"width": "500",
    "height": "300",
    "dataFormat": "json",
    "dataSource": {
      "chart": {
        "caption": "Monthly Admissions In Horton General Hospital",
        "subcaption": "Source: UCI Machine Learning Repository",
        "xaxisname": "Month/Year",
        "yaxisname": "Number of Admissions",
        "showvalues": "0",
        "theme": "fusion"
    } 
  }
},
  {
    "type": "splinearea",
    "renderAt": "area-chart-container",
    "width": "550",
    "height": "300",
    "dataFormat": "json",
    "dataSource": {
      "chart": {
        "caption": "Monthly Admissions In Horton General Hospital",
        "subcaption": "Source: UCI Machine Learning Repository",
        "xaxisname": "Month/Year",
        "yaxisname": "Number of Admissions",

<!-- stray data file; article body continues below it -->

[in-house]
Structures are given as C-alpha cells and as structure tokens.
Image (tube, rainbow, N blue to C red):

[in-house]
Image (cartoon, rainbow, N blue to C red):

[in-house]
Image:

"showvalues": "0",        
        "theme": "fusion"
      }
    }
  },
  {
    "type": "doughnut2d",
    "renderAt": "pie-chart-container",
    "width": "550",
    "height": "300",
    "dataFormat": "json",
    "dataSource": {
      "chart": {
        "caption": "Monthly Admissions First Six Months In 2000",
        "subcaption": "Source: UCI Machine Learning Repository",
        "xaxisname": "Month/Year",
        "yaxisname": "Number of Admissions",
        "showvalues": "0",
        "theme": "fusion"
      }
    }
  },
  {
    "type": "line",
    "renderAt": "line-chart-container",
    "width": "550",
    "height": "300",
    "dataFormat": "json",
    "dataSource": {
      "chart": {
        "caption": "Monthly Admissions In Horton General Hospital",
        "subcaption": "Source: UCI Machine Learning Repository",